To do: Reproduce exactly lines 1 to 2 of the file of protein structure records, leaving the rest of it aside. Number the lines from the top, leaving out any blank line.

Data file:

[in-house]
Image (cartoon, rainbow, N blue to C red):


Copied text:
[in-house]
Image (cartoon, rainbow, N blue to C red):